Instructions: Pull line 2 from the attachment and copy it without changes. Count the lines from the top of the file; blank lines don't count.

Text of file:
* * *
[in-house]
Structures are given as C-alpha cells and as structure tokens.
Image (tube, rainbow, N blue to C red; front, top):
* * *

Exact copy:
Structures are given as C-alpha cells and as structure tokens.